Misfire codes and check engine lights

The check engine light is turned on when an engine misfire is detected because unburned fuel pouring into the exhaust manifold will cause extremely high tailpipe emissions. Also if the situation continues raw fuel entering the catalytic converter can cause internal damage to the catalyst.

This will also increase tailpipe emissions and will most likely lead to having to replace the catalytic converter which happens to be a very expensive part on most vehicles. For this reason computers can be very sensitive to engine misfires and illuminate the check engine light even if the problem is intermittent.

Misfire monitors

Picture of crankshaft sensor

Crankshaft Sensor

The onboard computer is capable of quite complicated misfire monitoring. The engine control module uses the crankshaft angle measurement to detect this misfire. It’s actually quite amazing how it is performed. Click the read more button to see how it works.

If the cylinder is providing normal power a specific crankshaft acceleration time would be monitored. When that very same cylinder misfires the cylinder does not contribute to the rotation of the crankshaft as it is supposed to.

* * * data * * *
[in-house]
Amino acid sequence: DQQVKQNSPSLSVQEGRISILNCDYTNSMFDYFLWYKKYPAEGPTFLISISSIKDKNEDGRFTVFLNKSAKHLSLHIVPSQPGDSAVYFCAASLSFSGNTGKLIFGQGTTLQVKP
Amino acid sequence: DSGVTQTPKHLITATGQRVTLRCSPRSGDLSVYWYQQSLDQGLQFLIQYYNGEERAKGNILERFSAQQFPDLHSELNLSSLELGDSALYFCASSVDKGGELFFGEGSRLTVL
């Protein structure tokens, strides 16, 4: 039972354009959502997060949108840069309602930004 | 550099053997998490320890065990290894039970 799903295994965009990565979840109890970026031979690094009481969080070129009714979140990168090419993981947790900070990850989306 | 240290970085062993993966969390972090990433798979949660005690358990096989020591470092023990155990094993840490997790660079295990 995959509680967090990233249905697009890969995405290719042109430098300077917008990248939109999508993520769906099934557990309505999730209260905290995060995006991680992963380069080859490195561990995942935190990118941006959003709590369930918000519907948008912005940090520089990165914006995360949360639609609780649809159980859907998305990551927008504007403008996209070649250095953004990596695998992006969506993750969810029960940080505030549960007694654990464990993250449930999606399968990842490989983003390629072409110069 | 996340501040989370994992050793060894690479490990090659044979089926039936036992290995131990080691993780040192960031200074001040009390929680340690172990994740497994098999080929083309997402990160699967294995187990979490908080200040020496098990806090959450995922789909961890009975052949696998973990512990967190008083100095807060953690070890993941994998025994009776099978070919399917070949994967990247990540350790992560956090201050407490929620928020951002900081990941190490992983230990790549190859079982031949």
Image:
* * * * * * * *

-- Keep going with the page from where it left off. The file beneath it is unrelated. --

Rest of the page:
So it is actually the crankshaft speed that tips the computer off that there has been a misfire. As for flagging that misfire there is a little bit of tolerance built-in to most OBD two systems. Some will allow a random misfire rate of 2% before the misfire is flagged as a fault and the check engine light is turned on.

Although the misfire code can be helpful in diagnosis it doesn’t actually tell you what the problem is. In the best case scenario a misfire code will set for a specific cylinder. This will at least aid you in diagnosing the problem as it narrows it down to one cylinder.

Misfire Code Diagnosis

Picture of different check engine lights

Check Engine Lights

In the case of a random misfire this may mean that multiple cylinders are detected to have problems. A random misfire can be much more difficult to diagnose. But in either case a misfire can be caused by a fuel problem, or a problem with the spark system. This can be individual coils, spark plugs or ignition wires.

The check engine light is turned on during the misfire to notify the driver that the emissions system is not functioning properly. It will be up to the individual mechanic to perform diagnosis from there to properly solve the problem. I have more on this subject at my page about engine misfire codes. For more information about what is covered on this car repairs website visit the homepage for online auto repair.


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